As Goldman Sachs, California, Cargill and Moody's focus on Sustainability
Last week, Goldman Sachs Sustainable Finance Group's Managing Director John Goldstein said, “We were getting deeper, more fundamental questions on ESG and sustainable finance, from the senior-most decision-makers at many of our largest clients and from senior colleagues around the firm.
"Somewhere along the way, two important factors – inclusive growth and climate transition – had become significant drivers of growth, risk, and operational efficiency for businesses and investors and thus, for Goldman Sachs.”
Separately, the California Air Resources Board announced a “framework to reduce emissions that can serve as an alternative path forward for clean vehicle standards nationwide. Automakers who agreed to the framework are Ford, Honda, BMW of North America and Volkswagen Group of America.”
Also, Cargill, Inc. said, “Global demand for protein is rising rapidly, challenging farmers, ranchers and agribusiness to feed a growing population while protecting the planet. Across the food and agriculture industry, there is a pressing need to do more with less impact …
"Cargill is launching BeefUp Sustainability, an initiative committed to achieving a 30% greenhouse gas (GHG) intensity reduction across its North American beef supply chain by 2030 …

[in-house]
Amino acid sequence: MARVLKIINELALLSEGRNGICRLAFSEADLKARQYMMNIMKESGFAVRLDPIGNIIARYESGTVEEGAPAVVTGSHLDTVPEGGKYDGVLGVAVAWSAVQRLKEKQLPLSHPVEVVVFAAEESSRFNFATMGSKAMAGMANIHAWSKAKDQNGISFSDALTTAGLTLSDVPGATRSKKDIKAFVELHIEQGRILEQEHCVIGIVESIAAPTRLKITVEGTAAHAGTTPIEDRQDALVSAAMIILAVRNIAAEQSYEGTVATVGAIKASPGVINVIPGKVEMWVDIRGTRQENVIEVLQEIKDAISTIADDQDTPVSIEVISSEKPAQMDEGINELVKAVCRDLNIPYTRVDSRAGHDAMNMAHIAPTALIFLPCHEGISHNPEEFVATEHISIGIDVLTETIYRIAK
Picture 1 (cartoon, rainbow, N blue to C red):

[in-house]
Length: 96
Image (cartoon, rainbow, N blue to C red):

"The initiative will focus on four key areas: grazing management, feed production, innovation and food waste reduction."
Finally, Moody’s Investors Service announced a majority investment in Four Twenty Seven, a climate risk analytics firm. CEO Emilie Mazzacurati said joining with Moody’s will, “help market participants integrate climate impacts into risk management and investment decisions.”
As several European cities recorded record high temperatures last week, the initiatives above illustrate that managing environmental risks is becoming an important part of the business and investment landscape.
As changing weather patterns increase health risks and reduce crop yields, rising sea levels, along with coastal and inland flooding can trigger a variety of economic dislocations. Major U.S. urban real estate markets at risk include New York City, San Francisco Bay area, Miami, Fort Lauderdale, Tampa and Boston. Global urban centers include Hong Kong, Singapore and Tokyo, among others.
Reducing greenhouse gas levels and adapting to environmental risks will require changes across supply chains and new approaches by consumers, businesses and policy makers.